However, I do feel a bit foolish as I read his first recommendations. As you may remember from my last post, I sent it off to him without reading the directions all the way through. So, my manuscript––which, apparently is what it’s called when you send a piece to someone––is formatted incorrectly. I guess I’m supposed to revise my first assignment before moving on to my next one. He explains that then I’ll have completed pieces at the end of the course. I like this idea, but it is such new territory for me. I like to write things quickly, re-read them and then move on. This is not the way of a real writer of children’s books, my instructor explains. Some writers write many, many drafts and even completely rewrite their piece when it just doesn’t work.    

My instructor identifies parts of the story I have written and explains why and how I might change it. There is so much to learn––thank goodness it’s broken down into manageable pieces! I’m starting to see how writing for children is work, but also how it feels fantastic to finally be growing as a writer. I know what I’m supposed to do when I sit down at my desk. Instead of writing random things with no focus, I have a plan. And while that may seem simple to other people, it hasn’t been for me. I’ve been trying so hard to understand how to be a children’s book writer and I didn’t really know how to do it.   

So I wake up at 5 and sit down to make revisions on my first piece. It isn’t easy, but when I take it sentence by sentence I see that it’s changing. I read it out loud to myself. Then I hear a light tapping on the guest room door. It’s my daughter Annie who just turned nine. I wrote this story for her age group, so I ask her to read the revised edition.     

“Who wrote this?” she asks after reading it.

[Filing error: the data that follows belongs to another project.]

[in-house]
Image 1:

“I did.”         
“No way. It seems real,” she says. I smile. Then I head to the kitchen to get her breakfast together.

Tomorrow I’ll work on my second assignment, but today I’ve done my work. I’m starting to read things with different eyes. I think it’s called reading as a writer. I’m also starting to see the world as stories or pieces of a story. When someone tells me something, I think about how I would characterize that person by showing how she feels and who she is by what she does. This “showing and not telling” is very new for me and I see that the changes might be small and so incremental that if I don’t pay attention I might not notice how I am changing.

It’s only three weeks since I changed my mind about tossing that acceptance package. Only three weeks since I decided to sign up for ICL and I feel different. I imagine it will be how my son will feel after his first week-long overnight camp this summer. “How can it only have been a week? I’m different now.” I’m starting to make lists of picture books I want to check out, middle grade books I can put on my Kindle, and Young Adult books I’ve had in my bookshelf but haven’t read. I want to really stretch myself to read more and figure out what kind of writing I want to do and what I think is the best example of that type. This is heavy duty research. It requires thinking power, tools like books, pencils, and highlighters, but it also requires a mind shift. I need to do what is being asked of me because I haven’t done it before so I don’t know what might happen. This is called trust, I guess.

Kimberley Moran's site

Kimberley Moran is a gifted and talented teacher and freelance writer who lives in Hampden, Maine. She has two children and one very nice husband.Kimberley would like her bio to make her sound brilliant, witty, and kind because she knows that when you write and read you get to be anyone you want to be.